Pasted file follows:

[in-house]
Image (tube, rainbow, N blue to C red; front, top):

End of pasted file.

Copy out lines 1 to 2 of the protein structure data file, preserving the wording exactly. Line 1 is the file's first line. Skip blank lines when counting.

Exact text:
[in-house]
Image (tube, rainbow, N blue to C red; front, top):